Friday, 21 August 2015

Look to the Horizon

The Garden of the Tourist information office at Pernes les Fountanes has an art exhibition.  The art is all from recycled material.  Here are a few of the samplings.  Edmund took these pictures while he was waiting for me.  I was getting information from the awesome workers in the tourist office.  They also translate instructions for you in a pinch!

Today we went to the other side of the mountain, no not the other side though there were times when I thought that might be a distinct possibility.  Look to the horizon was definitely the mantra to live by today as we headed up the mountains to the Abbey near Ganagobie.  The drive there was lovely through some country roads that gave spectacular views of hill top villages. 

We are in farmland, very few vineyards today

 The tree lined roads that we drove through

 Again the view of the fields

A hill top village and at the very top it looked like a castle

A view of the river below

And the river and farmland

However the last two and a bit kilometers was like driving three letters of the alphabet S (sometimes in its backwards form), U (there were a lot of these) and V (hairpin sharp curves).  There were times when I held my breath.  On this journey about spirituality I find I am encountering a lot of moments of faith.  Edmund reminded me that my mantra is supposed to be “Let Go”  but today it was definitely “Don’t look down” perhaps I would have been better with the constant reminder to look up because I definitely looked down….a lot….not a good idea on the three letter alphabet road with no shoulders.  I won’t even talk about passing other vehicles…….

The journey was worth it though.  The Abbey, situated on the mountain top was gorgeous.  There are only two hours each day that it is open to the public so it was buzzing with tourists.  It was interesting to sit in the chapel and observe, after having given thanks for the safe arrival and offering a fervent prayer for a safe trip back down that hill side.  There were those who came because it was a tourist stop and they posed foolishly at times for pictures, ate a picnic lunch outside and chatted.  Then there were those who quietly sat in the corner in deep contemplation and were sometimes moved to tears.  Then there was the enthusiasm of a little boy of about seven who bounced in, solemnly removed his sunglasses, picked out his candle and waited for his mother, candle in hand, ready to light it and give a token of appreciation.  He bowed his head momentarily and then was done.  It was a sweet moment. 

These are the walls that go around the cloistered part of the Abbey where the brothers reside

Edmund thought this was interesting, I thought it was a pile of rocks.  No imagination after that drive up the mountain!!!

A view of the section of the abbey that the monks live in

As we approached the chapel, after a little walk through some woods we were immediately struck by the beauty of this building, seemingly in the middle of nowhere, high on the mountain top.  Over the wooden doors carved in stone was the twelve disciple and above that the symbols of the gospel writers.

The first sight of the church.  The smell of incense was powerful as you opened the door and got the first glimpse inside

 The font

There were also two small chapels, one for the Adoration of the Blessed Sacrament ( seen above) and the other set aside as the chapel for personal prayer and penitence.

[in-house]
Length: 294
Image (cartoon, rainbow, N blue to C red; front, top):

The mosaic of the floor was amazing with the intricate detailing of tiles about one inch square.

The chapel is all stone with wooden seats and pews.  The windows colored glass to let in the natural light.  The simple beauty of the place was awe inspiring.

The small chapel for personal prayer and penitence

The focal point was the altar over which hung a crucifix which again looked like it was suspended in the air.

Again the chapel

The road through the woods.

After our visit we prepared to come back down the mountain.  There were two young people looking for a ride down.  We offered them the backseat and they were quite happy.  They had parked quite a distance away and hiked in the heat of the day and to avail of the cramped back seat was a great relief for them.  They were from Paris, on holiday, visiting sites of note.

A field being irrigated, this was on a detour on the way back.  There was an accident on the route we were supposed to take and we had to take one of the farming roads.

In the face of doubt, confusion and dread the road we travel can hurt and confuse and we will definitely be challenged but we are reminded to not give into despair but to look to the horizon with hope.  Leonard Cohen in his song Hallelujah writes of hope and perseverance in the face of a cruel world but holy or broken, there is still hallelujah and today fearful, doubtful there was a glimpse of the holy and there was an Hallelujah!           

Hallelujah, Hallelujah
Hallelujah, Hallelujah
You say I took the name in vain
I don’t even know the name
But if I did, well really, what’s it to you?
There’s a blaze of light
In every word
It doesn’t matter which you heard
The holy or the broken Hallelujah

Hallelujah, Hallelujah
Hallelujah, Hallelujah

I did my best, it wasn’t much
I couldn’t feel, so I tried to touch
I’ve told the truth, I didn’t come to fool you
And even though it all went wrong
I’ll stand before the Lord of Song
With nothing on my tongue but Hallelujah

Hallelujah, Hallelujah
Hallelujah, Hallelujah
Hallelujah, Hallelujah
Hallelujah, Hallelujah
Hallelujah, Hallelujah
Hallelujah, Hallelujah
Hallelujah, Hallelujah
Hallelujah, Hallelujah

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